(844) 845-4219 » Press Release » Survey: Divorced Americans are Indebted to Their “Happily Ever After” Survey: Divorced Americans are Indebted to Their “Happily Ever After”



FORT LAUDERDALE, Fla., Feb. 5, 2020 — Everyone knows divorce is costly, but a new survey reveals that debt follows divorce long after it’s final. and surveyed nearly 3,000 Americans and 800 of those surveyed identified as either divorced or remarried. All of those respondents stated that their finances took a hit after their split.

“What this survey shows is what financial experts have long believed, but had trouble proving,” says chairman Howard Dvorkin, CPA. “Divorce isn’t just a cost that ends when the final decree is signed, we now know the debt-related effects linger for years, too.”

Survey highlights:

  • 39% indicated debt and financial difficulties played a role in their divorce
  • 40% reported incurring more than $5,000 of debt because of their divorce
  • 43% said they’re now responsible for joint debt from their marriage
  • 38% said their credit score dropped by more than 50 points
  • 88% did not consider a separation as a way to avoid incurring debt

“When a couple divorces, often it’s not just a matter of who gets the house and who gets the car,” says Doug Whiteman, editor-in-chief of “A very important and potentially costly question to consider is: Who will get stuck with the debt?”

When examining post-divorce credit scores, the survey revealed that the majority of respondents saw a “more than 50 point” drop in their credit scores. This type of drop easily recategorize a person’s credit and makes it hard for them to apply for loans, buy a house, or get a new credit card.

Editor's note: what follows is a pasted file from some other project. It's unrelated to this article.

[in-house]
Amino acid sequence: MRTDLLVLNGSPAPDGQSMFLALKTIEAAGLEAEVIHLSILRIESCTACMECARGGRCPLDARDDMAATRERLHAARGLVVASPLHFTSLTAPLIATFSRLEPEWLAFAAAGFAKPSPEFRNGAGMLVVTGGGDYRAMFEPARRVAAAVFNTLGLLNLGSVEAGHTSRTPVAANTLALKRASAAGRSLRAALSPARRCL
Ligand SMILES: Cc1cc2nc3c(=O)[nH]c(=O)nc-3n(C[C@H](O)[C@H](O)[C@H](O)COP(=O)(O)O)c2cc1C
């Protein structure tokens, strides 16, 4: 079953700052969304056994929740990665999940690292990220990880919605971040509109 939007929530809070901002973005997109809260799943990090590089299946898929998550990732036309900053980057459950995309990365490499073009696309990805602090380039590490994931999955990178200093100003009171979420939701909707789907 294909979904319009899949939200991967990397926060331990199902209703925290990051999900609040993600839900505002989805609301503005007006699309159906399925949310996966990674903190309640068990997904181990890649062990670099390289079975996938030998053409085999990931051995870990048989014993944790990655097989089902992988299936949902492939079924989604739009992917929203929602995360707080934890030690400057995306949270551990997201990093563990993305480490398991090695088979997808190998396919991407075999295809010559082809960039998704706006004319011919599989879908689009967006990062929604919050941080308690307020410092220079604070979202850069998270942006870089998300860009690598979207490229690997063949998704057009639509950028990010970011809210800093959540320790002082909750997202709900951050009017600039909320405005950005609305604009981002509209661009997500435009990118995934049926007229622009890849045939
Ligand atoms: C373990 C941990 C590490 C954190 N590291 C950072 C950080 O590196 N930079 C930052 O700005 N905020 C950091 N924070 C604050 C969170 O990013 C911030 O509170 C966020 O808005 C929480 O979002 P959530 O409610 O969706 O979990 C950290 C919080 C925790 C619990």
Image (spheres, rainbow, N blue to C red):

A whopping 88% of respondents did not consider a separation as a way to avoid incurring debt. Although the majority of respondents reported big financial losses due to divorce, they did not see separation as a way to save money and avoid debt.

“Divorce is so costly in so many ways,” Dvorkin says. “That’s one reason recommend couples have blunt conversations about how they spend, how much debt they have, and what their financial goals are. That doesn’t ensure a long and successful marriage, of course, but it does improve the odds.”

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Media Contact: Christine Burton / 954-998-7829 / email [email protected]

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